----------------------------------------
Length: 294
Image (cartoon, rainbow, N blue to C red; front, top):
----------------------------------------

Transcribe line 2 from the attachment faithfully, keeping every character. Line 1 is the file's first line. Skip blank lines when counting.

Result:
Image (cartoon, rainbow, N blue to C red; front, top):